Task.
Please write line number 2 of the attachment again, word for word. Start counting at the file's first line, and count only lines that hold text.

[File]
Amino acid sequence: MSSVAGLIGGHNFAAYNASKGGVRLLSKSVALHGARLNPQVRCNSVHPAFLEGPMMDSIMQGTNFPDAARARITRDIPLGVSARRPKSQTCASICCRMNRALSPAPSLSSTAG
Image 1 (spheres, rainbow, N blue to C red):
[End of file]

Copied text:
Image 1 (spheres, rainbow, N blue to C red):